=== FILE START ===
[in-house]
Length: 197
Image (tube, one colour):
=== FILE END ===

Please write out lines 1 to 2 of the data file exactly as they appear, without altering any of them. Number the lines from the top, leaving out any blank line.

[in-house]
Length: 197